BUFFALO, N.Y. (WKBW) — It’s took Lisa Carter of Buffalo five years to find the job she has now.
“I do have a masters in business and an undergraduate degree in history, so I do come with the qualification," Carter said "But because we do live in an area where the job market is highly competitive, sometimes I wasn't considered based on experience, and other times it was the fact that some employers don't know how to react when they see a physical difference or impairment."
Lisa Carter, is a wheelchair user, and Carter landed their first work-from-home job in August.
“I'm flashing back to an interview I had on the phone, and I asked if there was an opportunity to work from home, this was several years ago," Carter said. "And they were like no, because of the way our main frame and our system works.”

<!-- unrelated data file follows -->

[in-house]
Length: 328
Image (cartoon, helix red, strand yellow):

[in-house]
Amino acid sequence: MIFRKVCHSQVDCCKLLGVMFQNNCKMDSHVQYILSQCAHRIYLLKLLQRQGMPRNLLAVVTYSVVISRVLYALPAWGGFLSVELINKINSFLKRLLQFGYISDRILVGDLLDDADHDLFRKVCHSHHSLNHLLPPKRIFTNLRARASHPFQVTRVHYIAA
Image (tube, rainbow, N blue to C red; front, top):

But fast forward a few years later. Companies large and small had to quickly learn how to accommodate employees working from home.
“So it's proving again where there’s a necessity there can be creativity.”
Tammy Owen is President and CEO of VIA Western New York, which is dedicated to helping the visually impaired. She says work-from-home accommodations can open doors for many western New Yorkers living with disabilities.
“For most people who have to drive from work being visually impaired becomes a big obstacle, so having jobs where you can work from home and you don't have to drive is a huge advantage," she said.
The lack of transportation is also beneficial for people like Carter.
“I’m glad that this has been opened up as a possibility because then it may allow a lot of people who may have barriers to access have their own personal contribution and their own measured employment,” Carter said.